Researchers at UC Berkeley receive $13M to construct next-generation MRI brain scanner

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UC Berkeley has received $13.4 million to build a next-generation MRI brain scanner, which will allow researchers to view minute details of the brain with more clarity than before.

This scanner’s new technology will increase the resolution of images by a factor of 20, according to a campus press release. Funding for the project comes from the National Institute of Health through the BRAIN Initiative grant, which was introduced by former president Barack Obama in 2013 to support innovative and high-impact work in neuroscience.

Currently, there is some limitation in brain imaging at a neuronal level because of the low resolution of existing scanners, said Chunlei Liu, campus associate professor of electrical engineering and computer science, who specializes in brain imaging. Most of the existing scientific knowledge of neurons is from research involving animals, which uses invasive imaging techniques to view individual neurons.

“There are microscopic structures that are fundamental to how the brain’s organized,” said Michael Silver, a campus associate professor of vision science, optometry and neuroscience. “Until now, it’s been very difficult to have an instrument that is able to record spaces of tissue that are too small for us to study.”

The new scanner, also known as NextGen 7T, will use a noninvasive system while also looking at a fine level of spatial resolution. The study of human brain function at such a fine level would make the results comparable to existing invasive studies of animal cells and circuits.

This level of accuracy will be especially useful in imaging the cerebral cortex, Silver said. Within the cortex, there are microcircuits in the shape of columns that previous brain imaging could not adequately capture. High-resolution recording will allow researchers to record each layer of the cortex to show how the individual neurons function differently.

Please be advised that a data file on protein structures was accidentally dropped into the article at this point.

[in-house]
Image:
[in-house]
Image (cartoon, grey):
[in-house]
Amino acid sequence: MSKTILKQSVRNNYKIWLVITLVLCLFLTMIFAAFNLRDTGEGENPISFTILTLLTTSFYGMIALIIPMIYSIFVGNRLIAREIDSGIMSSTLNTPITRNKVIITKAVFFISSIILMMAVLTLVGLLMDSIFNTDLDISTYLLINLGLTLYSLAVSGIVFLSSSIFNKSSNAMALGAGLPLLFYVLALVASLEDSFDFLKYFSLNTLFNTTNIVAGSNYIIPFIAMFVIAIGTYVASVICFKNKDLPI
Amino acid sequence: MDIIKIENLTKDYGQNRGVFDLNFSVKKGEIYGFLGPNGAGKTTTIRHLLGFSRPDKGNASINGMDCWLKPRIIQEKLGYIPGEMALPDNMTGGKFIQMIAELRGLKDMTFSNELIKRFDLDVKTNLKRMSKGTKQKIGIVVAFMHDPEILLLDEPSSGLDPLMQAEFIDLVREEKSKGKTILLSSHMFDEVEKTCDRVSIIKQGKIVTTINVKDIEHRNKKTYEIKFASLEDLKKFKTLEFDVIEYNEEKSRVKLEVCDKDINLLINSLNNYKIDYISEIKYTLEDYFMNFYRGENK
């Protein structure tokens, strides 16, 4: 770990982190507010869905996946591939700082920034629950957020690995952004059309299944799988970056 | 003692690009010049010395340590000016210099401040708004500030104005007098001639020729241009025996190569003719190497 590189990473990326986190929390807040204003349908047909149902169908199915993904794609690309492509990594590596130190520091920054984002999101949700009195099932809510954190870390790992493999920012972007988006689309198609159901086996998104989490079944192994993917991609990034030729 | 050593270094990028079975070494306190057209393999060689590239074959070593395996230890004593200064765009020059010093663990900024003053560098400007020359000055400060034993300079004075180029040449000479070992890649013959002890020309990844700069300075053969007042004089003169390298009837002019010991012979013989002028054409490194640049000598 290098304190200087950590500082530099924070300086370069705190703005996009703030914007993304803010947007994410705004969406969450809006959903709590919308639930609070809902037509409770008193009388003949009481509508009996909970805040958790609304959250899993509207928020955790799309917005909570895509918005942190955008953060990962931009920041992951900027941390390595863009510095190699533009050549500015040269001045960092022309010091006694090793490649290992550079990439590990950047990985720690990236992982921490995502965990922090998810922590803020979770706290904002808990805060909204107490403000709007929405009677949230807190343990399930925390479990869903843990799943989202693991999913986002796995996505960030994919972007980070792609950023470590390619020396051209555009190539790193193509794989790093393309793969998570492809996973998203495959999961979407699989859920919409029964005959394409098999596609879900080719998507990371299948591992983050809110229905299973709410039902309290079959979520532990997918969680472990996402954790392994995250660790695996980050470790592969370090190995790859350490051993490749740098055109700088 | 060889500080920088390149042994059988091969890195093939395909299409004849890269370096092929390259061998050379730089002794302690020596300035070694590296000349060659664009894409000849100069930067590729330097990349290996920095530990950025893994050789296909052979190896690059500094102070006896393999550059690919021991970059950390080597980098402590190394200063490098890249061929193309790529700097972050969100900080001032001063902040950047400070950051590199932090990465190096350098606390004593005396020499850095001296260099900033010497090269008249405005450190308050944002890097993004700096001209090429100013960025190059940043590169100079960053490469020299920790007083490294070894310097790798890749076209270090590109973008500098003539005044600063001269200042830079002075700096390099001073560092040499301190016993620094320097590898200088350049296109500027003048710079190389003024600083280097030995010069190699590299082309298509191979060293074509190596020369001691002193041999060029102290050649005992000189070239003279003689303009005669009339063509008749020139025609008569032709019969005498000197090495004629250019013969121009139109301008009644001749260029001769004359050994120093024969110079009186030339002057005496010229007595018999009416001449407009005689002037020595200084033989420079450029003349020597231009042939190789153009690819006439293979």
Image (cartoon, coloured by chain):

“This is important because it bridges the gap in terms of our understanding of the brain at the neurological level,” Liu said. “We have understanding of the human brain based on psychology and cognitive science, but there’s a huge gap between these two.”

An understanding of the cerebral cortex at a neuronal level could contribute to medical research on neurological diseases, Silver said.

According to Liu, the scanner will also be able to detect certain brain disorders that current MRI scanners cannot. He added that the goal of this new model is to help researchers better understand the chemicals that lead to disorders such as epilepsy and Alzheimer’s disease.

“To understand how diseases like mental illness are affecting the brain … if we can see it better, we can treat it better,” said David Feinberg, an adjunct professor in the campus’s Helen Wills Neuroscience Institute.

There are currently no machines that can achieve the level of spatial resolution that UC Berkeley’s scanner will have, Silver said. According to Liu, Berkeley has a history of success in MRI, and the development of this scanner will have a significant impact on universities and hospitals nationwide.

“I think we have a very strong brain imaging community, but having the expertise and technology will make us a world leader,” Silver said. “It’ll give us a prominence in the field.”

The new scanner is slated to be complete by 2019, according to the press release.

Contact Gioia von Staden at [email protected] and follow her on Twitter at @GioiaVon.